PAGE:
16. 16. Community Action for Assured Access UK LOCKSS Alliance, since 2008 • Self-cooperative of institutions working together to ensure continuity of access to content • JISC & EDINA support the UKLA community • Providing tech support, coordination, and development 14 member institutions De Montfort University King’s College London London School of Economics Natural History Museum Open University Royal Holloway, University of London University of Birmingham University of Edinburgh University of Glasgow University of Huddersfield University of Oxford University of St. Andrews University of Warwick University of York Steering Committee to direct activity Phil Adams (De Montfort University) Lisa Cardy (London School of Economics) James Fisher (University of Warwick) William Nixon (University of Glasgow) Liz Stevenson (University of Edinburgh) Lorraine Estelle (JISC Collections) Peter Burnhill (EDINA) Adam Rusbridge (EDINA)
  17. 17. LOCKSS Technical Infrastructure • Distributed LOCKSS Network • Local collections satisfy local priorities • Preserves content as published • Web archive of scholarly record • Preserves integrity • Audit protocol to prevent damage • Avoids point of failure • Model on success of print collections • Trust success of the library
  18. 18. • Integrate with link resolver software • Support for: Ex Libris SFX, Serials Solutions 360Link, Innovative Interfaces WebBridge, OCLC WorldCat Local • Library can provide access as and when needed • By default, LOCKSS forwards requests to publishers before serving content • Serve from publisher if newer, LOCKSS if identical or unavailable • Publisher retains hits and responsibility as a primary source • Generate LOCKSS-specific COUNTER statistics so library can report usage
  19. 19. • Hierarchy of Bibliographic Information • Publisher, Titles, ISSNs, Years and Volumes • Clear icons to identify collected material (ticks and crosses) • Filter information based on collection status Display Content Status: Friendlier Reporting and Administration
  20. 20. • Automates much content administration • Record local coverage to a title • Automatically collect new volumes within that coverage Subscription Manager: Friendlier Title Configuration
  21. 21. Find out more… • Case Studies: • Publishers and titles: • Now over 500 publishers! • API and TRAC Audits in 2014 A B C D E-F £5,000 £3,750 £2,750 £2,250 £1,800 JISC Band Annual Fee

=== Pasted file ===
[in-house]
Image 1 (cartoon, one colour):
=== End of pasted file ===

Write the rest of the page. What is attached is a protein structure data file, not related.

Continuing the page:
22. 22. Option A SafeNet Distributed Digital Archive (Core Service) Institution B Distributed Digital Archive Partner Distributed Digital Archive Member EDINA 1 MIMAS 3 EDINA 2 MIMAS 4 Other 5 Other 6 Option B Store 7 Published Content No local storage Authorized Post- Cancellation Access Publishers Governance & Management Entitlement Registry High Level Architecture Anticipate that publisher will remain the priority access source
  23. 23. Project Objectives 25/03/2014 slide 24 • Build a Private LOCKSS Network as national infrastructure for long-term preservation of e-journal content • Develop a prototype Entitlement Registry that functions as a source of authorisation to licensed content • Who has permission to access what? • Differentiate core subscribed vs. bundled titles • Establish an advisory and governance board to ensure community involvement • Negotiate participation with NESLi2 publishers. • Ingest e-journal content from the collection already processed for the Global LOCKSS Network.
  24. 24. Use Cases for Entitlement Information • When cancelling a subscription or big deal. To what content will we lose access? • When considering disposal of print stock, or when moving to e-only. • Errors during system change (Library LMS, Publisher Platforms, Institution Merge) • Change of subscription agents (lose access to historical entitlement information). • Verification when the A-Z title list does not match the access available. • Title transfers between publishers. • When carrying out an annual review of subscriptions to see what has changed. CHALLENGES • Publishers don’t have easy access to entitlement information • Split between access and billing systems • Systems not designed to report this • Libraries don’t always have complete and authoritative records • Hard to get publishers and libraries to spend time on this – competing for resource Populate KnowledgeBase+ with subscription information EDINA and Jisc are planning further activity in this area…
  25. 25. • Shared service hosting a local copy of the scholarly assets invested in by UK HEIs • Independent policy and financial control over collection and access decisions. • Assured provision of post-cancellation access • Oversight of compliance with clauses specified in publisher license agreements. • Framework for national licensing groups to strike favourable national PCA agreements with publishers • Reduced barriers to entry • Reduced effort needed by individual libraries to manage collections • Flexibility for libraries who wish to preserve their own collections locally • Greater efficiency and lower overall cost • Simplify understanding of PCA access; central coordination Benefits of SafeNet
  26. 26. Goal is to build trusted archives • Assured and licensed access to important, at-risk content • Spread responsibility across the community • Libraries keep what they buy • Publishers preserve what they publish • Readers have continual access
  27. 27. Thanks for listening! Questions and Discussion